A Dependent Client Class

J.G Ballard (Empire of the Sun, Crash and many others) writes in his autobiography, Miracles of Life:

The funds disbursed by the Arts Council over the decades have created a dependent client class of poets, novelists and weekend publishers whose chief mission in life is to get their grants renewed, as anyone attending a poetry magazine’s parties will quickly learn from the  nearby conversations.  Why the taxes of people on modest incomes (the source of most taxes today) should pay for the agreeable hobby of a North London children’s doctor, or a self important idler like the late editor of the New Review, is something I have never understood.  I assume that the patronage of the arts by the state serves a political role by performing a castration ceremony, neutering any revolutionary impulse and reducing the ‘arts community’ to a docile herd.  They are allowed to bleat, but are too enfeebled to ever paw the ground.

I can’t help but think the state is using much the same tactic with community development workers,  third sector and social enterprise communities.

Even in the for profit sector the state has fallen so in thrall of the ‘start up rate’ that many business are started in a flabby and flaccid condition because of the ‘encouragement’, soft loans and grants made available in some areas.

Some thoughts on the Front Line

  • Front liners are capable of taking on far more responsibility than the boxes the system puts them in.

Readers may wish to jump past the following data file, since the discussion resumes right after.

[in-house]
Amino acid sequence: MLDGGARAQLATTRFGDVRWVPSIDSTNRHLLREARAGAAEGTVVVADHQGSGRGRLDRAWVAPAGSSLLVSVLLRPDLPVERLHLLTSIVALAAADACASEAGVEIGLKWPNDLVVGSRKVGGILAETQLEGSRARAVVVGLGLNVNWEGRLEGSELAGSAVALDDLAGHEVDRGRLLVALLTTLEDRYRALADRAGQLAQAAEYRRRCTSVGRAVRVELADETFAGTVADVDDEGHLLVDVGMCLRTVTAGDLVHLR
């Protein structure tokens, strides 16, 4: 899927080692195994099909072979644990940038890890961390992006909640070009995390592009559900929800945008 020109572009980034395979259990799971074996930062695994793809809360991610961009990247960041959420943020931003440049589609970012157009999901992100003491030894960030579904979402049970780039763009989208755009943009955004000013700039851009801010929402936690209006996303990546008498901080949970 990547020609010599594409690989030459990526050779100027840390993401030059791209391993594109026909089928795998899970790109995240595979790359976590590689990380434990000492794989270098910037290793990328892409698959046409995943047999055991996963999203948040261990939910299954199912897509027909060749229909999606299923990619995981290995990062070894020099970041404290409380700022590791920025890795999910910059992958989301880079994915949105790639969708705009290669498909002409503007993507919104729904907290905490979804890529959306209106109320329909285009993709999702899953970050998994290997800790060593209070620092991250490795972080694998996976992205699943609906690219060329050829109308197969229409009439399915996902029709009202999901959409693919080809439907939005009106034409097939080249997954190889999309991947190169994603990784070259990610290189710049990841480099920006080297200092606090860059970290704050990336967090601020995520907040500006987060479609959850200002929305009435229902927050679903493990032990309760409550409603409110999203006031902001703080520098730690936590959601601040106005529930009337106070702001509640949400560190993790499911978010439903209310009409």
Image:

• Front liners are very modest about their own abilities and skills.
  • Front liners want to do a great job for patients.
  • Managers must learn to let go of more of the power they have thus allowing front liners to get on with the job.
  • Managers must be there for support when front liners need it – they are well capable of judging when they need help.

Sensible reflections from Trevor Gay’s Simplicity blog

I am sure that you will agree with much of it.
But do you ACT on it?
Or do you let ‘the system’ get in the way?

Managing for Autonomy

If we want engagement, and the mediocrity busting results it produces, we have to make sure people have autonomy over the four most important aspects of their work:
  1. Task – What they do
  2. Time – When they do it
  3. Technique – How they do it
  4. Team – Whom they do it with.
After a decade of truly spectacular underachievement, what we need now is less management and more freedom – fewer individual automatons and more autonomous individuals.
Daniel H. Pink
Want to learn how to manage for autonomy?  Get in touch.

Warming the Cockles of Enterprising Hearts

I recently ran some 2 hour workshops for staff at Wakefield College where steps are being undertaken to ‘Embed Enterprise’ across the curriculum.  I got some lovely feedback about the sessions:

  • Enjoyable structure to lesson; enterprise from another angle.
  • Great presenter learnt a lot of new ideas of how enterprise can be embedded across the college.
  • Good varied discussion; topic was quite thought provoking, good and interesting speaker.